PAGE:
Alexandra Kazickas died early in the morning of her 91st birthday at the family home in East Hampton, NY. My mother was often in great pain those last months, but she rarely complained. The stoic strength she had shown in the early years of her life, living on her own as teen-ager, and then during the stressful war years was a constant in her character and personality. Her courage, as well as her engaging charm and candor, all come through in her diary entries in Odyssey of Hope.
December 12, 1940 – We’re waiting for Professor Jurgaitis to begin his lecture. The guy sitting behind me strikes up a conversation by complimenting me on my hat. I retort, “What can you say about the girl wearing it?” He rises to the bait, tells me I’m much lovelier than my hat, and without another second’s pause, invites me to go for a walk sometime. P. 43
And so began the wonderful love story of my mother and father. He had spotted her years earlier at a basketball game – the beautiful dark-haired woman in a sea of blondes, battling it out against the Polish team. Later he saw her again, running in a relay, the wind tossing her black hair. And then by chance, he found himself sitting behind her at the university. That flirtatious exchange led to dinner and dancing, courtship and finally, marriage on August 15, 1941.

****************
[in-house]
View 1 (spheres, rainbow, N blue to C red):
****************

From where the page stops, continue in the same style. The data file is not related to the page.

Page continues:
While my father’s voice powers the stories in Odyssey of Hope, it is my mother’s candid expression through her diary entries that gives the book an even greater emotional resonance. So much of the time she was frightened, anxious, and worried sick about what fate awaited them in the chaos of war.
“We hate the Germans but we can’t muster up any joy over the Russian victories either. All I feel is the sense of an absolute unknown. What will happen to us? If the Germans win this war, a sad fate awaits us. But if the Russians return, it will be impossible for us to stay in Lithuania. ” P. 90
Often during their ordeal as refugees, roaming through Germany from Breslau to Dresden on the eve of the bombings, to Bavaria with a toddler daughter (me), when Alexandra and Joseph were separated for days, my mother exhibited the fortitude needed for survival.
“I felt so lonely – without my birthplace, with no home and now without my husband either. Holding Jurate’s little hand pressed tightly in mine, I held back my tears, knowing I had to be strong.” P. 109